On the tides of Christmas and holding on to joy.
Christmastide is upon us!
By now the immediate flurry of Christmas Eve and Christmas Day is behind us. Presents opened, stockings torn into, candles lit and the choir songs have been sung. There is a tide that begins to start pulling us back out into the swirl of the world. Yet Christmastide stands as an affront to that notion.
While the world may view Christmas Day as the finish line, those who celebrate all of Christmastide see it as a starting line. I love this dichotomy. Rather than saying, “we made it,” we can say, “He has come.” And just like any arrival, we celebrate UPON the arrival and in the days that follow.
How we respond to the arrival of Jesus says a lot about what we believe about him. Christmastide allows us twelve days to dwell in delight and celebration that is rooted in the joy we claim to possess.
Last week I was meeting with a marketing team for an upcoming conference and when they asked me what audience members could expect from my teaching my response was, “very few specific examples.” I can assure you this is not the response they were anticipating. But the reality is I am very intentional about NOT offering checklists or three point plans. It is far too easy to make spiritual things impersonal action items or even worse, have them become ways to replicate what works for another person with little consideration for your own actual life.
But, I do know that when a concept is new it can be helpful to see what it might look like lived out in a real household, family or self. That being said, I am sharing some ways we “keep Christmas with us.”
Most of all, if you feel a letdown in these days after Christmas perhaps it is because your celebration has been a bit misplaced. It is not too late to decide to let it linger and delight in the truth of God With us.
We try to have something exciting to look forward to every day until Epiphany. To help give perspective we are pretty simple bunch so sometimes this looks like Hot Cocoa break mid-day. Anything can be a celebration.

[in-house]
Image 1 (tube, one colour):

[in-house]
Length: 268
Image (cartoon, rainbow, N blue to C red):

We turn on outdoor lights pretty late in December for exactly this reason. We keep them going until Epiphany. By Jan 3rd it becomes very apparent that we are doing something different than the world around us. We keep all decorations up and delight in every bit of it. I love this quote from Andy Rooney, “One of the most glorious messes in the world is the mess created in the living room on Christmas day. Don't clean it up too quickly." This week we hold our presents under the tree. We rifle through the piles of books as they knock into tree ornaments, we brush the needles off the box of legos.
Christmas cookies are still being baked, delicious food is still being had. As I write this we still have several sweets that we are eagerly looking forward to making and delighting in this week. We have wassail on the last day of Christmas. We have king’s cake on Epiphany. We feast and feast and feast!
There are lots of invitations offered up this week to gather in joy. I meet up with friends I don’t get to see very often, we have dinners with those we love. We host at home, but also it is often as simple as hosting a meetup at the coffee shop.
See, nothing revolutionary here. The biggest difference is in your self. There is no rush to be done. How can you frame these next few days? How can you settle in and rejoice the coming of the King rather than collapse in a heap? For those of us who took it slow in Advent we are prepped for celebration. This is the beauty of the pace of Advent.
Don’t let the tide of the world around you draw you away from the joy of celebrating these days. It is time to rejoice. May we do so with full hearts and with abandon.
The Table with Jessica Herberger is a reader-supported publication. To receive new posts and support my work, consider becoming a free or paid subscriber. Lots of good things coming in the New Year!
This is a quote from a family favorite, “Christmas Eve on Sesame Street.” It is available on prime video-in our house we watch it every single christmas eve.